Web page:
Temporary Files and Slurm
See Slurm: Temporary Files for information how Slurm controls access to local temporary storage.
Often, it is necessary to use temporary files, i.e., write something out in the middle of your program, read it in again later, and then discard these files.
samtools sort has to write out chunks of sorted read alignments for allowing to sort files larger than main memory.
Traditionally, in Unix, the environment variables
TMPDIR is used for storing the location of the temporary directory.
When undefined, usually
/tmp is used.
Temporary Directories on the BIH Cluster¶
Generally, there are two locations where you could put temporary files:
/fast/users/$USER/scratch/tmp-- inside your scratch folder on the fast GPFS file system; this location is available from all cluster nodes
/tmp-- on the local node's temporary folder; this location is only available on the node itself. The slurm scheduler uses Linux namespaces such that every job gets its private
/tmpeven when run on the same node.
Best Practice: Use
Use GPFS-based TMPDIR
Generally setup your environment to use
/fast/users/$USER/scratch/tmp as filling the local disk of a node with forgotten files can cause a lot of problems.
Ideally, you append the following to your
~/.bashrc to use
/fast/users/$USER/scratch/tmp as the temporary directory.
This will also create the directory if it does not exist.
Further, it will create one directory per host name which prevents too many entries in the temporary directory.
export TMPDIR=$HOME/scratch/tmp/$(hostname) mkdir -p $TMPDIR
Prepending this to your job scripts is also recommended as it will ensure that the temporary directory exists.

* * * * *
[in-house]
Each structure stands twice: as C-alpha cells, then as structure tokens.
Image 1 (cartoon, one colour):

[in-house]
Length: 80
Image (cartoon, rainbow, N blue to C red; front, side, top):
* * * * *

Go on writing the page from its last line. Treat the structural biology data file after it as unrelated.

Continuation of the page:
TMPDIR and the scheduler¶
In the older nodes, the local disk is a relatively slow spinning disk, in the newer nodes, the local disk is a relatively fast SSD.
Further, the local disk is independent from the GPFS file system, so I/O volume to it does not affect the network or any other job on other nodes.
Please note that by default, Slurm will not change your environment variables.
This includes the environment variable
Slurm will automatically update temporary files in a job's
/tmp on the local file system when the job terminates.
To automatically clean up temporary directories on the shared file system, use the following tip.
Use Bash Traps¶
You can use the following code at the top of your job script to set
TMPDIR to the location in your home directory and get the directory automatically cleaned when the job is done (regardless of successful or erroneous completion):
# First, point TMPDIR to the scratch in your home as mktemp will use thi export TMPDIR=$HOME/scratch/tmp # Second, create another unique temporary directory within this directory export TMPDIR=$(mktemp -d) # Finally, setup the cleanup trap trap "rm -rf $TMPDIR" EXIT